# Unramified cubic extension of imaginary quadratic fields

Let $K=\mathbb Q(\sqrt{-m})$ be an imaginary quadratic field with class number $6.$ Then by Hilbert class field theory and Galois correspondence it is known that $K$ has a unramified cubic extension. Is there any explicit way to find out unramified cubic extension of quadratic fields.

• Any reason why you didn’t ask this question for class number $3$? – Lubin Mar 1 '15 at 23:02
• Mr. Lubin I thought if class number is $3$ then unramified cubic extension is same as Hilbert class field of $K$. Am I correct? – MKJ Mar 2 '15 at 3:26
• then in the case of class number $6$, can’t you take the requisite Hilbert class field and the unique subfield that’s a cubic extension of $K$? – Lubin Mar 2 '15 at 17:10
• Thank you Mr.Lubin still I am having some doubt how to write explicitly what is the cubic unrmified extension of $K.$ – MKJ Mar 9 '15 at 4:32
• it means that your cubic extension $K\supset k$ may not be of the form $K=k(\alpha^{1/3})$, that’s all I was saying. Indeed, any time that $k(\alpha^{1/3})$ is Galois over $k$, you must have $\omega\in K$, and I don’t believe that this is the case in most of the situations we’re talking about, since $3$ is not ramified in $K$. – Lubin Mar 11 '15 at 14:03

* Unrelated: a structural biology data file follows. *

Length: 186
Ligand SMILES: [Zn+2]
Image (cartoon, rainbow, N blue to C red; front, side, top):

Let $L = K(\sqrt{-3})$; then your cubic extension $H/K$ becomes a Kummer extension $HL = L(\sqrt{\alpha})$. The proofs of classical class field theory show that $\alpha$ can be chosen as a generator of an ideal ${\mathfrak a}^3$, where ${\mathfrak a}$ generates an ideal class of order $3$ in ${\mathbb Q}(\sqrt{3m})$. You have to pick the generator $\alpha$ in such a way that the cubic extension becomes unramified (the condition is something like $\alpha \equiv 1 \bmod 3\sqrt{-3}$ if memory serves). See Thm. 1.5.1 over here.